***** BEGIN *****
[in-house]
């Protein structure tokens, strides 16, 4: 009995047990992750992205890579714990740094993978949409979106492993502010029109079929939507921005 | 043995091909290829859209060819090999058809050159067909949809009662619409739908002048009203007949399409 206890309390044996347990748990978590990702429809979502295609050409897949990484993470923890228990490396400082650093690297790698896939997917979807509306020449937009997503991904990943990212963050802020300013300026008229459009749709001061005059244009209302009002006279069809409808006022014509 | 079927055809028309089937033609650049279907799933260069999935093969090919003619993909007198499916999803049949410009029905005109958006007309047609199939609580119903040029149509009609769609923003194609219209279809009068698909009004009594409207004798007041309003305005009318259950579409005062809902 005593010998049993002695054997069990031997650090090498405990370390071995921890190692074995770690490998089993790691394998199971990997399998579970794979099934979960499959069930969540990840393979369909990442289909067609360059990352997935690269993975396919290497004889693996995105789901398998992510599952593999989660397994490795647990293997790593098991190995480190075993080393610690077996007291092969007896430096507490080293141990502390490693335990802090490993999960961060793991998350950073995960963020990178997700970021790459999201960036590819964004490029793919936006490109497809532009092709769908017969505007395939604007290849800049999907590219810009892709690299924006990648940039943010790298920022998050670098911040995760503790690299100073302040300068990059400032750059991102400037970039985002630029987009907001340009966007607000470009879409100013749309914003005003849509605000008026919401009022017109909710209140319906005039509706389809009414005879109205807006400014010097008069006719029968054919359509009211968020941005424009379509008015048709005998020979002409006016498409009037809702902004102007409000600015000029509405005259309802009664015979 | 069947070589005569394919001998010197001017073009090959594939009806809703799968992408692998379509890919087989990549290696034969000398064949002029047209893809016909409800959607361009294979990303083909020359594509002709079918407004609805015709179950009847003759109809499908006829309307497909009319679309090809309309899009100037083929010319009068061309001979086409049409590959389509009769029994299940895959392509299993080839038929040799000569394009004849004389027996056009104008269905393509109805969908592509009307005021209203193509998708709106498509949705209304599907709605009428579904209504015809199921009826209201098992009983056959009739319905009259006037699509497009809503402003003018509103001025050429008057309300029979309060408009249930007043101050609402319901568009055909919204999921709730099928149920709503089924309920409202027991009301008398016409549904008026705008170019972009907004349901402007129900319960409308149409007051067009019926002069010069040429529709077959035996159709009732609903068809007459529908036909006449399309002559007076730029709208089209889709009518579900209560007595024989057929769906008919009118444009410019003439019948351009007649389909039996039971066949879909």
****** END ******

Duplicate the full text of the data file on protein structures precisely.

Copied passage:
[in-house]
């Protein structure tokens, strides 16, 4: 009995047990992750992205890579714990740094993978949409979106492993502010029109079929939507921005 | 043995091909290829859209060819090999058809050159067909949809009662619409739908002048009203007949399409 206890309390044996347990748990978590990702429809979502295609050409897949990484993470923890228990490396400082650093690297790698896939997917979807509306020449937009997503991904990943990212963050802020300013300026008229459009749709001061005059244009209302009002006279069809409808006022014509 | 079927055809028309089937033609650049279907799933260069999935093969090919003619993909007198499916999803049949410009029905005109958006007309047609199939609580119903040029149509009609769609923003194609219209279809009068698909009004009594409207004798007041309003305005009318259950579409005062809902 005593010998049993002695054997069990031997650090090498405990370390071995921890190692074995770690490998089993790691394998199971990997399998579970794979099934979960499959069930969540990840393979369909990442289909067609360059990352997935690269993975396919290497004889693996995105789901398998992510599952593999989660397994490795647990293997790593098991190995480190075993080393610690077996007291092969007896430096507490080293141990502390490693335990802090490993999960961060793991998350950073995960963020990178997700970021790459999201960036590819964004490029793919936006490109497809532009092709769908017969505007395939604007290849800049999907590219810009892709690299924006990648940039943010790298920022998050670098911040995760503790690299100073302040300068990059400032750059991102400037970039985002630029987009907001340009966007607000470009879409100013749309914003005003849509605000008026919401009022017109909710209140319906005039509706389809009414005879109205807006400014010097008069006719029968054919359509009211968020941005424009379509008015048709005998020979002409006016498409009037809702902004102007409000600015000029509405005259309802009664015979 | 069947070589005569394919001998010197001017073009090959594939009806809703799968992408692998379509890919087989990549290696034969000398064949002029047209893809016909409800959607361009294979990303083909020359594509002709079918407004609805015709179950009847003759109809499908006829309307497909009319679309090809309309899009100037083929010319009068061309001979086409049409590959389509009769029994299940895959392509299993080839038929040799000569394009004849004389027996056009104008269905393509109805969908592509009307005021209203193509998708709106498509949705209304599907709605009428579904209504015809199921009826209201098992009983056959009739319905009259006037699509497009809503402003003018509103001025050429008057309300029979309060408009249930007043101050609402319901568009055909919204999921709730099928149920709503089924309920409202027991009301008398016409549904008026705008170019972009907004349901402007129900319960409308149409007051067009019926002069010069040429529709077959035996159709009732609903068809007459529908036909006449399309002559007076730029709208089209889709009518579900209560007595024989057929769906008919009118444009410019003439019948351009007649389909039996039971066949879909």